155. DOOMERS AND THE SECOND LAW OF THERMODYNAMICS
There are three things certain in life: Death, taxes and the second law of thermodynamics!
The second law of thermodynamics states that concentrated energy always diffuses and becomes less dense. Since we are unable to move back in time, we cannot return to the prior energy density. That's the reason we cannot build a perpetual motion machine. You always get less dense energy, there is no escape. Total entropy is constantly increasing.
Doomers have likened this to fossil fuels as oil stores in the ground, stating that as we use them up it's impossible to grow our economy because energy is becoming less dense and we are always on a loser. Well, before you start crying into your cornflakes, it is worth pointing out that the universe is a pretty big place and has been about for billions of years, older than the U.S. constitution itself. So what does this mean for mankind? Several sources of convenient cheap stored energy will run out. BUT there's a heck of a lot of energy out there that can be harnessed, more than we will ever need, and we aren't likely to run out any time soon even though on a macro level, across billions of light years energy is getting less dense over billions of years. We aren't that important!
Take our nearest star, the sun. This beauty produces all the energy we could ever need:
-The energy released in a typical solar flare is equal to more than all the energy used in our entire civilisation. Source
- In fact, there's enough power from the sun hitting the Earth every day to supply all the world's needs for energy 10,000 times over. Source
Some of that energy creates the wind:
One study also estimated the amount of global wind power that could be harvested at locations with suitably strong winds. The authors found that the locations with sustainable Class 3 winds could produce approximately 72 terawatts and that capturing even a fraction of that energy could provide the 1.6-1.8 terawatts that made up the world's electricity usage in the year 2000. A terawatt is 1 billion watts, a quantity of energy that would otherwise require more than 500 nuclear reactors or thousands of coal-burning plants. Converting as little as 20 percent of potential wind energy to electricity could satisfy the entirety of the world's energy demands, but the researchers caution that there are considerable practical barriers to reaping the wind's potential energy.SourceSome of that energy leads to evaporation and rains depositing water on high ground that can be used for hydro energy (currently 17% of world electricity -- 99% in Norway, 57% in Canada, 55% in Switzerland, 40% in Sweden, 7% in USA).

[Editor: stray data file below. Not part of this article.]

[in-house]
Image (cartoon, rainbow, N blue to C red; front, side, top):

This excludes other forms of energy that can be harnessed, such as Biomass, Wave, Geothermal and Nuclear.
Take nuclear power:
At the present rate of use, there are 50 years left of low-cost known uranium reserves - however, given that the cost of fuel is a minor cost factor for fission power, more expensive lower-grade sources of uranium could be used in the future  . Also, extraction from seawater  or granite is possible. Another alternative would be to use thorium as fission fuel in breeder reactors - thorium is three times more abundant in the Earth crust than uranium .Of course figuring out how to harness this energy in a cost effective way is another matter. Nevertheless we are never going to run out of energy to harness during the expected life of this planet, so don't panic yet.
Current light water reactors make relatively inefficient use of nuclear fuel, leading to energy waste. More efficient reactor designs or nuclear reprocessing  would reduce the amount of waste material generated and allow better use of the available resources. As opposed to current light water reactors which use Uranium-235 (0.7% of all natural uranium), fast breeder reactors use Uranium-238 (99.3% of all natural uranium). It has been estimated that there is anywhere from 10,000 to five billion years worth of Uranium-238 for use in these power plants . Breeder technology has been used in several reactors .
Proposed fusion reactors assume the use of deuterium, an isotope of hydrogen, as fuel and in most current designs also lithium. Assuming a fusion energy output equal to the current global output and that this does not increase in the future, then the known current lithium reserves would last 3000 years, lithium from sea water would last 60 million years, and a more complicated fusion process using only deuterium from sea water would have fuel for 150 billion years. Source